Cody Bunch Some Random IT Guy - OpenStack, DevOps, Cloud, Things

[Lab] Automated Install of ESXi with

Earlier this year, Jake Robinson tweeted about doing a manual ESXi install, and based on some replies to it I shared that I automate ESXi host installation in my lab using I then promised a writeup and then procrastinated on getting that done. No longer, it is time!


You will need a number of things in order for this to work. Here is a list:

  • A TFTP server to serve ipxe files from
  • Ability to set options on your DHCP server
    • 66 (TFTP Server IP)
    • 67 (Network boot program)
  • An HTTP server to serve
    • & custom menus
    • ESXi installer files
  • Access to ESXi install media

Getting Started

There are a few moving parts here, that we’ll tackle in the following order:

  • Extracting ESXi files
  • Customizing ESXi boot.cfg
  • Customizing ESXi Kickstart
  • Installing
  • Adding a custom menu to

Extracting ESXi files

The first thing we need to do is make the ESXi install files available over http so your hosts can install them. The following steps cover this. It is also important to remember the file names are case sensitive, and some utilities will change them all to upper or lower case when extracting.

  1. Download the ESXi installer ISO.
  2. Mount the image (the steps on how to do this will vary by system).
  3. Copy all of the files to a folder on your webserver. e.g. web/VMware/ESXi/v7.0.0U2/
  4. Ensure the extracted files are lowercase.

Customizing ESXi boot.cfg

Next, make a copy of the boot.cfg file from the extracted ESXi installer. You will need to make the following modifications:

  • Change the prefix= line to point to the location where you extracted the installer to. e.g. prefix=http://boot.codybunch.lab/VMware/ESXi/v7.0.0U2
  • [Optional] If using a kickstart file, add that to the end of the prefix= line. ks=http://boot.codybunch.lab/VMware/ESXi/kickstart.cfg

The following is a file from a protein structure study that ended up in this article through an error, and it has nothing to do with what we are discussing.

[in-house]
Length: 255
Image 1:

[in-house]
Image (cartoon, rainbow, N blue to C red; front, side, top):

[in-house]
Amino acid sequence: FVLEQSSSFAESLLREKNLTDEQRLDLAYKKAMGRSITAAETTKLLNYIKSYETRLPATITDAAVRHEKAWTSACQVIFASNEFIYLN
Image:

• Remove cdromBoot from the kernelopt= line.
    • Depending on your hardware, you may need to add other options here, e.g. allowLegacyCPU=TRUE
  • Remove the forward slash / from the file names in kernel= and modules= lines.
    • kernel=/b.b00 changes to kernel=b.b00
    • modules=/jumpstart.gz --- /useropts.gz ... changes to modules=jumpstart.gz --- useropts.gz ...

[Optional] Customizing ESXi Kickstart

Using a Kickstart file can automate the installation to where it is non interactive. My kickstart file follows. You can find various options for this file in the Resources section.


Installing can be done by following the self hosting instructions in the documentation. Paying special attention to the custom options section here.

In order to boot from, you need to set DHCP options 66 and 67 as discussed earlier. Specifically, set option 66 or next-server to the IP address of your TFTP server, and option 67 or boot-file to the The following diagram shows what this looks like for my Ubiquiti homelab setup:

Adding a custom menu to

Per the ‘Self Hosted Custom Options’ section in the docs, you can add custom menu structures by copying and editing their sample menu:

cp etc/netbootxyz/custom /etc/netbootxyz/custom

The menu file I use is as follows:

There are a few interesting bits I would like to call out:

  • Line 19 uses the sanboot option to stream the ESXi ISO to the host. This allows you to walk the installation as if you had booted directly from the ISO.
  • Line 23 loads the customized boot.cfg we created earlier in the post without loading a kickstart. This allows you to walk the installer by hand.
  • Line 27 loads the kickstart file, and performs the installation for you.
  • The lines (20, 24, 28) that read boot || goto custom_exit tell ipxe to attempt to boot the host, or (||) if that fails, to exit the custom menu and return to the main menu.

Summary allows for a good deal of flexibility when running a home lab. Both for rapidly changing the OS on your physical hosts as well as having installers available for any number of other operating systems and utilities available via network boot. You can also add custom options to install things like ESXi, as was shown in this post.